On the 100th anniversary of de Havilland, Key Aero examines the history of the DH.121 – later the Hawker Siddeley HS-121 Trident – which was the Hatfield-based airframer’s final airliner design before its merger in 1960
The Trident claimed several world firsts, most notably it was the first T-tail rear-engined trijet airliner ever to be designed and was also the maiden commercial aircraft to make a blind landing during a revenue service in 1965.
These claims to fame, unfortunately, didn’t translate to commercial success because a combination of bureaucracy and design changes led the type to be late to market which stunted its appeal to customers, who by then already had the competing Boeing 727 in their sights.
Alistair Hodgson, the curator of the de Havilland Aircraft Museum details the type's history in the video below.
By the end of the programme in 1978, only 117 Tridents had been produced, although several remained in service until the 1990s when they were removed altogether.
De Havilland Design
In 1953 – following the introduction of the world’s first turboprop airliner the Vickers Viscount – British European Airways (BEA) was already looking for a replacement for the type. While several airlines were investing in pure jet-powered fleets, BEA chose to favour the turboprop powerplant based on its superior economics.
The British carrier subsequently ordered an enlarged version of the Viscount – called the Vanguard – in July 1956. However, by this point, the French-built Sud Aviation Caravelle had conducted its first flight and BEA began to recognise that jet aircraft could soon provide stiff competition for its propeller-driven examples.
The carrier conceded that a small number of jets could be used to supplement its turboprop fleet. The same month, BEA issued outline requirements for a short-haul jetliner that could carry a payload of 9,100kg or 70 passengers, up to 1,000 miles. The aircraft should also be able to cruise at around 620mph and have more than two engines.
Four companies prepared projects to match the BEA requirements including Bristol, Avro, Vickers and de Havilland. The latter considered three possible contenders for the specification – two of which were four-engine developments of the early Comet. In July the following year, the firm made another submission in the form of the DH.121 – which largely resembled the eventual production aircraft.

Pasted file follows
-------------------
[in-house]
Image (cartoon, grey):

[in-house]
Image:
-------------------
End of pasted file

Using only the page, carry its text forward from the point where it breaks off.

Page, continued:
By August 1957, the plan had been revised to include the in-development Rolls-Royce Medway turbofan engine – in place of the Avon turbojet – and an expansion to accommodate up to 98 passengers.
From the outset the DH.121 was planned to feature advanced avionics for the period. Among other capabilities, it would be able to conduct and automatic approach and landing within a few years of service entry. The systems were also triplicated to offer maximum redundancy during these procedures.
The design was revised for a third time following concerns by BEA of a decline in passenger growth in March 1959. They concluded that the range and capacity of the DH.121 was too great for their needs and asked de Havilland to reduce the scale of the design to suit their projections.
Downsizing the type involved substantial changes to the model being made, including powerplant adjustments from the Medway to a smaller derivative, the 40% less powerful Rolls-Royce Spey 505. The range was also cut by more than half to 930 miles and capacity by about a quarter to 75 or 80 seats.
Eventually, de Havilland and BEA came to an agreement and the carrier ordered 24 examples with 12 options on August 24, 1959. The revised design was announced to the public in early 1960 and the future airliner’s name, Trident, was unveiled at the Farnborough Airshow that year.
Hawker Siddeley, which had merged with de Havilland in 1960, wanted additional customers for the type, so entered discussions with American Airlines. The carrier requested a longer-range variant, a role the original design would have been perfectly suited for. In response, work began on the Trident 1A which was to be powered by the uprated Spey 510 engines and feature larger wings and fuel tanks. American eventually decided against the Trident, instead opting for the American-built Boeing 727.
Some of these modifications were added into the original prototype, named the Trident 1C, with the main difference being the larger fuel tank in the centre wing section that raised the range to 1,400 miles.
The first example, G-ARPA (c/n 2101) made its maiden flight on January 9, 1962 at Hatfield Aerodrome, and entered service on April 1, 1964. By the following year, there were 15 jets in BEA’s fleet and by March 1966, its roster had grown to 21.
The beginning of the end for the type came in the early 1980s when the International Civil Aviation Organization (ICAO) began drafting noise regulations that would require operators of first- and second-generation jetliners to fit hush kits to their fleets’ engines.
British Airways, the type’s largest operator concluded that the required retrofits were not viable and instead chose to phase the Trident out of its fleet in 1985. The jet’s services in China ended in 1995, marking its permanent retirement from service.
The decision to change the design from the original plan certainly hampered the type’s ability to succeed in competition with the larger Boeing 727 – of which 1,832 were built and continued in passenger service until last year with VIP examples still in use.
Despite this, the Trident will always be the final de Havilland airliner design, marking the end of an era for the pioneering aviation brand.